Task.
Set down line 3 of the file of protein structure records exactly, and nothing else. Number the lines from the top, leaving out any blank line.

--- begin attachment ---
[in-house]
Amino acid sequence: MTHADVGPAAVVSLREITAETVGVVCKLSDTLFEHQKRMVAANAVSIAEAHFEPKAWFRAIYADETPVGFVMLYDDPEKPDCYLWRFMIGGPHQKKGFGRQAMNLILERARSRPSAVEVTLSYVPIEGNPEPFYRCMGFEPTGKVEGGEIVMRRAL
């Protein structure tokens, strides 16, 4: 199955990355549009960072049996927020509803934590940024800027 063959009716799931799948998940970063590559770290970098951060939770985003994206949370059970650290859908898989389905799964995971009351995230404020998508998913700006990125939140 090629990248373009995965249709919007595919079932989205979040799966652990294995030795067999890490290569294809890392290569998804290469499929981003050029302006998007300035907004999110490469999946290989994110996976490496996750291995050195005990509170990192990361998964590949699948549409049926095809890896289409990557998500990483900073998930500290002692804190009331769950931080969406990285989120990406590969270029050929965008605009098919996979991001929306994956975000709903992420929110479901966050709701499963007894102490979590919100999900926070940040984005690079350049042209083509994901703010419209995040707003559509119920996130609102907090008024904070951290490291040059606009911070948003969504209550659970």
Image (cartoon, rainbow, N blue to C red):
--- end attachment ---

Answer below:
């Protein structure tokens, strides 16, 4: 199955990355549009960072049996927020509803934590940024800027 063959009716799931799948998940970063590559770290970098951060939770985003994206949370059970650290859908898989389905799964995971009351995230404020998508998913700006990125939140 090629990248373009995965249709919007595919079932989205979040799966652990294995030795067999890490290569294809890392290569998804290469499929981003050029302006998007300035907004999110490469999946290989994110996976490496996750291995050195005990509170990192990361998964590949699948549409049926095809890896289409990557998500990483900073998930500290002692804190009331769950931080969406990285989120990406590969270029050929965008605009098919996979991001929306994956975000709903992420929110479901966050709701499963007894102490979590919100999900926070940040984005690079350049042209083509994901703010419209995040707003559509119920996130609102907090008024904070951290490291040059606009911070948003969504209550659970």